A Geometry Problem from the
2002 Bay Area Mathematical Olympiad

Steven R. Dunbar
Department of Mathematics
Univesity of Nebraska-Lincoln
Lincoln, Nebraska
www.math.unl.edu/ sdunbar1
sdunbar1 at unl dot edu

January 31, 2009

Problem: Let ABC be a right triangle with right angle at B. Let ACDE be a square drawn exterior to triangle ABC. If M is the center of this square, find the measure of MBC.

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Solution: Set the triangle in a coordinate plane, with the origin at B, with side BC¯ along the x-axis, side AC¯ along the y-axis. Assign A = (0,a) and C = (c, 0). Let F = (c2,a2) be the midpoint of AC¯. Then M is located on the perpendicular bisector FM of the hypotenuse AC¯. In fact FM = FB. That is, the point M can be located as the tip of the vector FC rotated 90 counterclockwise about the point F = (c2,a2). The vector FC = (c2,a2). Rotating it 90 counterclockwise yields the vector (a2,c2). Adding this to the vector (c2,a2) gives M = ((a + c)2, (a + c)2). Then clearly MBC = 45.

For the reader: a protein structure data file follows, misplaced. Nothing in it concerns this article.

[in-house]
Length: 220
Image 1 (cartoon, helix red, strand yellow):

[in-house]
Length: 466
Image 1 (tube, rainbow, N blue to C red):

Commentary: This problem seems to be very easy, too easy in fact to require a coordinate solution. At first glance, it seems that angle chasing should be enough to find MBC. However, since the figure and construction depends more on slopes than on angles, it seems reasonable to use a solution that uses slope information more. A coordinate or vector proof seems to be the easiest way to do that.